1. This appeal has been field by the original defendants as the appellate court had reversed the trial court's decree dismissing the plaintiff's suit and had decreed the plaintiff's claim by holding that the assessment order and the recovery certificate in question were invalid and without jurisdiction and by further restraining the defendants from recovering the sum of Rs. 4,743-12-0 on account of income-tax of the estate of the deceased, Mohmad Azam Ismail, for the assessment year 1942-43, on the strength of the assessment order and the recovery certificate in question.
2. The short facts which have given rise to this appeal are as under :
One Mohmad Azam Ismail, who was a resident of Rander, died at Rander on 25th March, 1945, leaving as his heirs four sons and one daughter. The income-tax department had assessed him for his income-tax for the year 1941-42 during his lifetime, but did not take any step for the recovery of the amount of tax as it was barred by limitation. After his death, proceedings were taken against the plaintiff, who was one of the heirs, being the son of the deceased, to assess the estate of the deceased for the assessment year 1942-43 for the period from April 1, 1941, to March 31, 1942. The assessment proceedings were started in 1947 against the plaintiff. By the order passed at exhibit 65 on 23rd March, 1947, the income was assessed at Rs. 21,347 and the plaintiff was asked to pay Rs. 4,743-12-0 on account of income-tax for the said year. As the plaintiff did not pay the tax, recovery certificate under section 46 of the Indian Income-tax Act, 1922 (hereinafter referred to as 'the Act'), was issued and sent to the Collector for the recovery of the tax as arrears of revenue. In pursuance of this certificate the plaintiff's bungalow known as 'Bage Azam' in the village, Dumas, and which he had inherited from his father and which had fallen to his share under partition in 1950 was sought to be attached. The plaintiff, therefore, gave statutory notice, exhibit 27, on 14th December, 1953, and filed the present suit for a declaration that the said order of assessment and the said recovery certificate were illegal and without jurisdiction and for the consequential injunction restraining the Union of India, and the other defendant, the Collector of Surat, from recovering the said amount from the plaintiff the basis of the said assessment order and the said recovery certificate. The plaintiff had challenged the order of assessment on various grounds including, inter alia :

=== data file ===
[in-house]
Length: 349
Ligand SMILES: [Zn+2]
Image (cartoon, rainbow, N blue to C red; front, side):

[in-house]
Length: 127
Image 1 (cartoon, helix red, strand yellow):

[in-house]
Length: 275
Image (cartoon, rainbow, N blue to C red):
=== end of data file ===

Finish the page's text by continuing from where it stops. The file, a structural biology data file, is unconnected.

(1) that no requisite notices were served on the plaintiff before passing the said order of assessment;
(2) that the plaintiff was a non-resident and still he was taxed as a resident;
(3) that the proceedings were taken only against the plaintiff and not against all the heirs;
(4) that the recovery certificate in the name of the deceased could not be availed of against him.
3. The defendants contended that there was a bar under section 67 of the Act to such a suit and that the plaintiff had been served with proper notices and his assessment as a resident was valid and that it was not necessary to serve notices on all the heirs and that the recovery certificate which was issued had been subsequently corrected. The trial court had held that the defendants had proved that the necessary notices were served on the plaintiff as the heir of the decreased or as his duly authorized agent. It also held that it was not necessary to issue notices to all the heirs and that the recovery proceedings were not illegal and that the plaintiff's liability to pay the income-tax dues of the estate of the deceased in his hands was not affected by partition and that the plaintiff had failed to prove that the assessment in question was illegal and ultra vires. The trial court also held that the suit was barred under section 67 of the Act. The plaintiff's suit was, therefore, dismissed by the trial court. The appellate court, however, held that there was no bar to such a suit under section 67 of the Act as the assessment order and the recovery certificate were illegal and without jurisdiction. The appellate court also held that under section 46(1) of the Act, the plaintiff could not be considered as a defaulting assessee. It also held that the assessment was without jurisdiction as no notice under section 34 was given before assessing this escaped income by the order at exhibit 65. The appellate court also held that on the strength of the said certificate the amount of assessment demanded from the plaintiff could not be recovered. The appellate court, therefore, reversed the decree of the trial court and decreed the plaintiff's claim as aforesaid. The defendants have, therefore, filed the present appeal.
4. The learned Assistant Government Pleader raised three points in this appeal :
(1) that the appellate court had clearly erred in the construction of section 46 of the Act and in holding that the plaintiff was not the defaulting assessee;
(2) that the appellate court had clearly erred in considering that the question of notice under section 34 was a pure question of law and, in permitting this contention, the appellate court had allowed the plaintiff to raise a new ground which was not raised in the statutory notice or in the suit at any stage;
(3) that, in any case, the appellate court ought to have held that the plaintiff's suit was barred under section 67 of the Act.